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Maintaining engine systems - ensure the yacht runs smoothly

As with a car, the yacht's engine system should be maintained, regularly serviced and made fit for the cold weather in winter. Unlike with road vehicles or in professional sailing, there are no standards agencies checking for defects with recreational sailing. This is no reason to neglect your engine system, whether you have a motorboat or sailing boat. Use the winter months to avoid any nasty surprises in the spring.

With every engine it is advisable to change the oil at least once per year, as contaminated oil can damage the engine and cause the piston to seize up. It is a good idea to change the filter at the same time. After changing the oil and oil filter, boat owners should focus on the cooling system. The seawater filter insert must be cleaned and the seal inserted with an acid-free lubricant or Vaseline. The impeller, which has spent the winter wrapped in clean cloth, after first being rubbed with glycerol, is put in the pump housing together with the shaft. Do not forget to check the coolant (dual-circuit cooling) and refill if necessary. Machines with a simple cooling circuit must be completely submerged in water during winter storage and rinsed with freshwater. You can then apply a preserver, made from a mixture of water and antifreeze, in order to prevent frost damage and corrosion. When working with dual-circuit cooling, the seawater should also be emptied and filled with antifreeze. The antifreeze concentration of the inner circuit must be checked regularly. This also applies to engines with an exterior cooling system. In certain circumstances, the mixture must be adapted to accommodate the expected winter temperatures.

If possible, leave the fuel in the tank during winter

When filling and refilling the antifreeze, you must note for both the inner and outer circuits that the engine must be started in order to run the liquid into the circuit. It is therefore advisable to fill the antifreeze while the boat is still in the water.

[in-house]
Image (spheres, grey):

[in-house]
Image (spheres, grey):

Depending on the hours of operation, the toothed belt should be checked once or twice per year and, if need be, retensioned. If the belt is damaged it must be replaced. This is because a defective V-belt can lead to the battery above the alternator not being charged, the seawater pump for the cooling system failing and the power steering pump not working.

Owners with a sterndrive or saildrive must regularly replace the sealing gaskets, as they are either partially or fully submerged in the water and saltwater can cause them to quickly become brittle and fragile. The manufacturer's operating instructions regarding the gasket operating life should be taken very seriously. Porous sealing gaskets have often led to water ingress in the past. In the worst case, the ship might even sink. You should also remove the propeller, lubricate the shaft and clean the propeller. For boats with a shaft system, it is also important to check the shaft play in the stern tube and on the shaft support. In addition, the gear oil should be let out and replaced with fresh oil. The sacrificial anodes should also be checked and replaced if worn. Be aware that there are different anodes for saltwater and freshwater. If you are unsure, contact a reliable service company. Just like with cars, every manufacturer has their own main branch, but also has independent service centres that can be found in most marinas and can help with most engines.

The fuel tanks are also important, especially the diesel tanks: they must always be drained of water in winter. Older boats in particular have a draining pipe which can be used to drain the water that collects at the base of the tank. New yachts often do not have this pipe, however, so the water must be suctioned off with a hose. All filters and filter inserts must then be replaced as a precaution.

An often debated question is whether the fuel tank should be emptied for winter storage or left full. It is definitely better for the ship if the fuel remains in the tank, as this prevents flammable gases and condensation from building up, and the petrol helps prevent corrosion. However, before making this decision, you must check with the winter storage operator whether this is permitted. Many sites only allow a limited amount of fuel to be stored. If the fuel is allowed to remain in the tank, it should be mixed with a fuel additive. The additive dissolves deposits in the tank and binds moisture and is later simply burnt off with the fuel. The additive should be added before the yacht is put in winter storage and should be dispersed with the engine running to allow it to release its conserving properties. 

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